Researchers have discovered a gene, which they have named ICARUS1, that enables plants to regulate their growth in different temperatures, and it could lead to new ways of optimizing plant growth in different climates.
Monash University Associate Professor Sureshkumar Balasubramanian, along with colleagues in Spain, made the discovery after analyzing natural populations of the model plant Arabidopsis thaliana, commonly known as thale cress. They found that some populations of Arabidopsis simply would not grow when the temperatures increased as little as 3-4 ºC so they set out of learn the genes responsible for the growth defect and and came upon ICARUS1.
Plants that carried a defective ICARUS1 gene stopped growing when the temperature reached hot levels, and continued growing when it cooled down again.
"This allows us to envisage novel ways and mechanisms through which plant growth can be optimized," said Balasubramanian. "Interestingly, Arabidopsis isn't the only plant to have this gene, it is also found in nearly all other organisms, which suggests that our findings can be explored in crops."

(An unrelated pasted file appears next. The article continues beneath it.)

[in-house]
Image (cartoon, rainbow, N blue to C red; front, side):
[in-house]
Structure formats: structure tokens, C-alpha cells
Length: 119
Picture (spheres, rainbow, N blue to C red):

The researchers said the findings provided insights into how plants modulate their growth, and could lead to scientists designing plants that could withstand elevated temperatures.
Citation: Zhu W, Ausin I, Seleznev A, Méndez-Vigo B, Picó FX, Sureshkumar S, et al. (2015) Natural Variation Identifies ICARUS1, a Universal Gene Required for Cell Proliferation and Growth at High Temperatures in Arabidopsis thaliana. PLoS Genet 11(5): e1005085. doi:10.1371/journal.pgen.1005085